Background: Patient satisfaction with oral anticoagulant (OAC) therapy is an important metric of care quality and has been associated with higher medication persistence. Among OACs, dabigatran has been shown to be non-inferior to vitamin K antagonists (VKAs) with increased ease of use for stroke prevention in patients with atrial fibrillation (AF). In this study, we sought to evaluate the expectations, convenience, and satisfaction of Taiwanese AF patients on dabigatran and VKA therapies as well as associated clinical outcomes. Methods: Patients with AF (paroxysmal, persistent, or permanent) receiving OAC medication from outpatient facilities were enrolled in 24 hospitals across Taiwan. Cohort A consisted of 139 patients switched from VKA to dabigatran, while cohort B was comprised of 1113 patients on newly initiated OAC therapy (VKA, 54). The Perception of Anticoagulant Treatment Questionnaire was distributed, and responses on a five-point Likert scale were aggregated and analyzed across demographic groups. Results: In cohort A, convenience and satisfaction scores continued to increase at follow-up and significantly higher, compared to baseline, but both treatments scored similarly in cohort B. In cohort B, the two highest expectation scores were that the OAC would be “easy to take” and could be “taken independently.” On the other hand, the patients were relatively less concerned about the side effects and cost of therapy before taking the OAC. For dabigatran-receiving patients, there were 1.1 stroke-related events per 100 patient-years and 3.0 bleeding-related events per 100 patient-years. Conclusion: In Taiwanese patients with AF and initially treated with VKA, switched to dabigatran resulted in higher convenience and treatment satisfaction. For those patients on newly initiated OAC treatment, VKA and dabigatran convenience and satisfaction scores were similar.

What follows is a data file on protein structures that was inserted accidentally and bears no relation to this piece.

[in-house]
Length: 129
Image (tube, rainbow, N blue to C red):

- Patient expectation
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